Prospect Update: Thomas Hatch’s 13-Strikeout Performance Signals a Shift
For the better part of this season, Thomas Hatch was not looking very impressive. He had trouble locating and was giving up too many runs. At one point, his ERA jumped above 6.00. I sat and watched him about two weeks ago and he was missing the catcher’s mitt by a foot. The one thing I liked from that outing, though, was the natural movement of his pitches.
I also noticed that Hatch looked a little different from when I first saw him pitch last year for Oklahoma State in the College World Series. He is now much more upright in the stretch, where he used to be in what I called a “Virginia crouch.” A more upright approach would offer less leeway for things to go wrong in his delivery, but might also take some getting used to.
In his past two starts, including one in which he struck out a baker’s dozen in 5.1 innings, Hatch has been very good. His 13-K performance could be a harbinger of things to come. I would not expect him to strike out double digits every night, but I do expect him to build on that big night as he grows more comforable.
Ht: 6′ 1″ Wt: 190
Draft: 2016, Round 3
School: Oklahoma State
22 years old
Great feel for pitching
FB 93-96 mph
Has four pitches
Strong mental makeup
Areas of Concern
Heading into 2017
After being drafted in 2016, Hatch finished up pitching 131 innings for Oklahoma State after missing most of 2015 with an injury that did not require surgery. As a result, the Cubs brass thought he had pitched enough and shut him down for three months. He later pitched in Fall Instructs in October and drew pretty good reviews.
That’s more or less how the Cubs handle all the pitchers they draft, guiding them to take it easy that first year. Usually, they throw a few innings in Mesa and then end up doing short starts of 2 to 3 innings the rest of the summer at either Eugene or South Bend.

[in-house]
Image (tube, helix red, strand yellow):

Hatch went through none of the normal rites of passage for becoming a pro pitcher and the transition from college has not gone as smoothly as the organization would have hoped. After skipping three levels — rookie ball, short-season ball, and low class-A — he has some catching up to do.
For most of the last offseason, I hemmed and hawed about where Hatch should be placed to begin 2017. I originally thought Myrtle Beach would provide the best challenge, Cubs VP of scouting and development Jason McLeod thought that Hatch would/should be at South Bend and I acquiesced to his expertise. Things changed.
An injury to Oscar de la Cruz and Hatch’s own performance in Spring Training resulted in Hatch being placed with the Pelicans to begin the year. That is quite a steep learning curve for a young pitcher. Transitioning from NCAA Division I to advanced-A ball requires patience, adaptation, and skill.
For five innings on Sunday night, Hatch looked the best I have seen him, even better than during last year’s College World Series. He used his fastball and sinker deftly to strike out 12 in those first handful of frames. I was actually surprised he came back out for the sixth, as he was already at 83 pitches. He ran into some trouble, struck out his 13th hitter and gave up a double for the go-ahead run.
What I am taking away from his latest outing is that Hatch is adapting, albeit slower than some may have wanted. But you can see it. You can see how he is now attacking certain hitters and using his fastball instead of his secondaries to get strikeouts.
His transformation from college pitcher to pro pitcher is still not complete. When I look at the development of a prospect, I tend to look at splits, which are good for seeing how a prospect is doing over a 10-game period or a month-long period. Over June and July I expect to see improvement from April and May. That’s only reasonable. I don’t think it’s too much to ask to see his ERA for one of the next two months be in the threes. This is not gonna happen overnight and that’s okay. He will get there in due time.
All cards made from pics by Larry Kave/Myrtle Beach Pelicans